Immediate Breast Reconstruction in Alberta: A Canadian Perspective
Jill P. Stone, MD, FRCSC1, Samuel Sarmiento, MD2, Jingyu Bu, BS1, Deepa Bhat, MD2, Claire Temple-Oberle, MD, MSc, FRCSC1.
1University of Calgary, Calgary, AB, Canada, 2Johns Hopkins University, Baltimore, MD, USA.
PURPOSE: The aim of this study is to assess the variations in immediate breast reconstruction (IBR) in the province of Alberta, Canada. More specifically, we sought to determine the rate of IBR and to understand the wait time differences that exist between urban and rural hospital settings and trends in reconstruction type.
METHODS: A patient database was created using a provincial cancer registry database cross referenced with the National Ambulatory Care Reporting System and the Discharge Abstract Database. Appropriate mastectomy and breast reconstruction codes were identified using procedure codes outlined in the Canadian Classification of Health Interventions. Women diagnosed with ductal carcinoma in situ or invasive carcinomas between the fiscal years 2005-2015 were included. Immediate breast reconstruction patients were then identified and patient demographic data, breast reconstruction details, and geographical information were obtained. Rural and urban populations were defined using Canada Statistical Guidelines for further analysis.
RESULTS: In the ten-year time period examined, 9,373 breast cancer patients underwent mastectomy in Alberta. There were 1,568 (16.7%) patients with delayed reconstruction, 547 (5.8%) patients with immediate reconstruction and 7,258 (77.5%) patients without breast reconstruction. Compared to women not undergoing reconstruction, IBR patients were significantly younger (48.4 vs. 62.7, p<0.001). Fewer women undergoing IBR required RT (60/547, 11.0%) compared to women who did not undergo reconstruction (2166/7258, 29.8%, p<0.001) and AJCC staging tended to be lower in women undergoing IBR . There were 76 (2.8%) women living in rural and 471 (6.7%) in urban areas who underwent IBR. Average age of rural and urban women were similar (49.1 vs. 48.3, p=0.05). Time from breast cancer diagnosis to mastectomy and reconstruction was an average of 14.7 for rural women vs. 14.5 weeks for urban women (p=0.9) and both waited similar times for flap or implant-based reconstruction. In relation to type, implant-based reconstruction was more common in both patient populations (p<0.01).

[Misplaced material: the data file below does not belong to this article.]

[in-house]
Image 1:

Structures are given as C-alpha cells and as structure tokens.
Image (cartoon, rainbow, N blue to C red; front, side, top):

CONCLUSION: Differences in breast reconstruction patterns based on demographic factors have been described in the literature. This study of a large North American patient population highlights such differences. Younger women with better prognostic factors who live in urban settings have higher rates of immediate breast reconstruction. Knowledge of this can help us to mitigate these disparities by improving access to immediate breast reconstruction for certain populations.
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